America's first chief information officer has announced that he will step down in August after two and a half years in the job.
Vivek Kundra was appointed to the role by Barack Obama in March 2009, but was placed on leave almost immediately when the FBI raided his former employer, the District of Columbia. The FBI later cleared Kundra of any wrongdoing.
"When he began at the White House, Vivek Kundra brought the promise of good ideas and a hard-charging style focused on getting things done," said Jacob J. Lew, director of the US Office of Management and Budget.
"These were necessary qualities to tackle the difficult issues facing federal IT: an ageing infrastructure with rising operating costs, too many major projects failing to deliver, and increasing vulnerability to outside threats.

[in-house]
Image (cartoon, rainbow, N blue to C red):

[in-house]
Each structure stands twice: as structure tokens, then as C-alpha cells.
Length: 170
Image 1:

"Two and a half years after joining the administration, Vivek has delivered on that promise. He has cracked down on wasteful IT spending, saved $3bn in taxpayer dollars, moved the government to the cloud, and strengthened the cyber security posture of the nation while making it more open, transparent and participatory."
Kundra will take up a new post at Harvard as a joint fellow at the Kennedy School and the Berkman Center for Internet and Society.
The White House has not said whether it is looking for a successor.
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